Manatee Academy K8 newlyweds Caleb Bihari and Ashley Drum spent part of their honeymoon teaching impoverished children on the island of St. Lucia. Their experience was made possible by the Sandals Foundation and their “Reading Road Trip” excursion. Every Thursday a van leaves the comfort and luxury of the Sandals resort to go to Balata Primary school in Babonneau. Volunteers sign up in the resort lobby for the opportunity to interact with the faculty and students and see what schooling is like for children in St. Lucia.
“When I heard that this was a possibility I absolutely wanted to go,” Bihari said. “It isn’t often that I am out of the country and have a chance to visit a school.”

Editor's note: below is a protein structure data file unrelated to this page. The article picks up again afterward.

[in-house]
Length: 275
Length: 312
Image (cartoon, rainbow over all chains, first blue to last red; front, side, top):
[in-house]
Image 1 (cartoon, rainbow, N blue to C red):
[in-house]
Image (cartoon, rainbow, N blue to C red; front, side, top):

When the couple arrived after a forty-five minute van ride though winding mountainous roads, they were shocked at how different it was from a typical school in Saint Lucie County. Parts of the building were surrounded by a barbed wire fence to prevent thieves from stealing books and computers. There was a huge container behind the school that collected rain water from the gutters. This was their water supply. Classrooms were open-air. There were no doors or windows, just large openings in the concrete walls. Feral dogs and cats, along with chickens freely roamed the premises and “A chicken walked into class as I was teaching! It was crazy,” says Caleb. There was no cafeteria, but there was a kitchen where a cook came in and made lunch for the K-6 school of about two-hundred students. Students who choose to purchase a lunch may do so for 1 EC (Eastern Caribbean dollar).